The Rockies aren’t willing to go long on Jorge De La Rosa

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Troy Renck of the Denver Post says that the Rockies have drawn a line in the sand and that they will not give free agent pitcher Jorge De La Rosa anything longer than a three-year deal. If he’s not interested, they’d prefer to go with Carl Pavano or Javier Vazquez to take his place.

Deep thought: if the team that knows De La Rosa better than anyone is preemptively announcing that they won’t go too far out on a limb with him, perhaps you should be concerned if your team will.

My view is that for as much as he’s been called the next-best starter on the market after Cliff Lee, he’s a risky pick.  He goes deep into counts and has not shown himself to be particularly durable.  I also think that it is wrong to expect him to suddenly improve if taken out Coors Field because his splits don’t suggest that the park hurts him that much.

Not saying he’s a bad pitcher. Just saying that he should not a be guy that a team with pretensions of contention should plan on making the centerpiece of their rotation.

The Orioles seem pretty serious about moving Manny Machado

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LAKE BUENA VISTA, Fla. — Orioles third baseman Manny Machado will become a free agent after the 2018 season and there has been no suggestion that the O’s and their young star have worked on a contract extension, strongly suggesting that Machado will test the open market next offseason.

While the Orioles have not said much about keeping him or trading him, yesterday considerable chatter filtered out here at the Winter Meetings suggests that they are serious about trading him now in order to get more than a draft pick in return when he eventually leaves Baltimore.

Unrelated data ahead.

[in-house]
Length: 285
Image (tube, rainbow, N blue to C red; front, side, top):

Jon Heyman reported yesterday that the Cardinals were a possible landing spot, and others have speculated that, at the moment, they’re the frontrunners for his services. Buster Olney, in a development that would make people go insane, I suspect, that the Yankees have expressed interest. It seems highly unlikely, though, that the Orioles would trade Machado within the division. Even if they did, they’d likely expect a premium from the Yankees that they would be unwilling to pay, especially given that they could easily wait Machado out until he was a free agent next year and give up nothing but cash for him. A couple of days ago we noted that the Phillies had expressed interest and the Orioles were doing their due diligence with respect to their farm system.

As far as the possible parameters of a deal, Ken Rosenthal reported that the O’s hope to acquire at least two controllable young starters in return. That’s a high price for a one-year Machado rental, but it makes sense for the Orioles to ask it. For Machado’s part, he reportedly wants to return to his original position, shortstop. He does not have no-trade protection, of course, so that may be a wish that is not fulfilled.

Machado had a down 2017, hitting .259/.310/.471, but still hit 33 homers and drove in 95 runs. In the two years prior, however, he posted OPSs of .876 and .861, and he’s still just 25. All of which is to say that the price for a team to acquire him will be high, even if he’s entering his walk year.